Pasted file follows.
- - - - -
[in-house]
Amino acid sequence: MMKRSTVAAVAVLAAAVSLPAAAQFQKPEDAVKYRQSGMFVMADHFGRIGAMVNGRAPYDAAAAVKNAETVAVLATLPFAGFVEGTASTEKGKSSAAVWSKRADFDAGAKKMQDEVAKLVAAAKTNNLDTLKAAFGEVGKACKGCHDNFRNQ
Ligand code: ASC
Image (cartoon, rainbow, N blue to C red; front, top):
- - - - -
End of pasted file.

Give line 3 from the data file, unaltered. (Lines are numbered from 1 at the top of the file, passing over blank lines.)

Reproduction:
Ligand code: ASC